||Compilation of the artist's drawings in black and white.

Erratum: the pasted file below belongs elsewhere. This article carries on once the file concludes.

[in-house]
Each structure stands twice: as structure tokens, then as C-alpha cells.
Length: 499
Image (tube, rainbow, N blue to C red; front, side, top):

William Gropper (1897–1977), U.S. cartoonist and painter. New York-born Gropper supported himself by drawing cartoons for the New York Tribune, Smart Set, Bookman, Dial, Vanity Fair, New York Post, New Republic, and The Nation while he studied painting. He was also a contributor to such left-wing publications as New Masses and the Yiddish Morning Freiheit. During the Depression, he painted murals for public buildings for the Works Project Administration. Gropper, for years a leading painter in the American social realism movement - which was preoccupied with commenting upon political, social, and economic problems - used his art as a weapon in the fight for the betterment of the human condition. Groper's visit in 1948 to the ruins of the Warsaw Jewish Ghetto made a deep impression on him, and he began to paint Jewish subjects. In his work after 1948, the Jew of Eastern Europe is presented as the epitome of all suffering mankind. Gropper also designed stained-glass windows for a temple in River Forest, Illinois.